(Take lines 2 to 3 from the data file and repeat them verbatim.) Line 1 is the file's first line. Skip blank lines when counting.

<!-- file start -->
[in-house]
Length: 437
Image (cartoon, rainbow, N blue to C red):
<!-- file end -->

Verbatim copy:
Length: 437
Image (cartoon, rainbow, N blue to C red):